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Education to Reduce Inappropriate Use of Proton Pump Inhibitors in Patients with Cirrhosis

  • Author(s): Palomique, Juvelyn
  • Advisor(s): Brecht, Mary-Lynn
  • et al.
Abstract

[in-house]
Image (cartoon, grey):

Background: Inappropriate use of proton pump inhibitors (PPI) is common in patients with cirrhosis. PPIs are associated with deleterious effects in cirrhosis including increased risk for hepatic encephalopathy, spontaneous bacterial peritonitis, and liver-related mortality. Objectives: The aim was to decrease the incidence of low-value, non-guideline supported prescription of PPIs in the inpatient setting with a PPI Clinician Update education and a PPI stewardship by Hepatology. Methods: The study was implemented in a single inpatient transplant center. Key medical staff were identified to receive a PPI Clinician Update educational session, including Hospitalist, Gastroenterology fellows, Hepatology and Liver transplant advanced practice provider (APP). Patient data providing incidence of inappropriate PPI prescription was evaluated under a non-equivalent group pre-posttest design. The study used a one group pre-posttest design for assessing change in provider knowledge levels. A designated hepatology APP steward reviewed all PPI prescription appropriateness. Inappropriate PPI prescription was discontinued by the Hepatology APP who provided constructive feedback to the providers. The primary outcome measure was the incidence of inappropriate PPI prescription before and after the education session which were compared using a chi square test. Secondary outcome was percentage of correct responses (from a total of 10 questions), with before- and after-education measures compared using a paired t-test. Results: Twenty-six providers completed the educational session and pre-posttest. Lack of knowledge regarding outpatient PPI indication was reported as the main barrier to verifying PPI prescription. There was a statistically significant 20% increase in knowledge (p < .001) one month after receiving the educational intervention. There was a decrease in the incidence of inappropriate PPI use from 52% (23/44) to 25% (11/44) (p = .009) one month after receiving the educational intervention. The most common reason for inappropriate PPI prescription was continuation of the patient’s home medication without verifying the indication. The posttest survey showed that 46% of clinicians strongly agreed that their practice changed after the educational intervention and constructive feedback. Conclusion: The most common reason for inappropriate PPI prescription was due to a continuation of a home medication without verifying the indication. A multifaceted approach including an educational intervention and hepatology stewardship was effective in increasing knowledge and decreasing the inappropriate PPI prescriptions in the inpatient setting.

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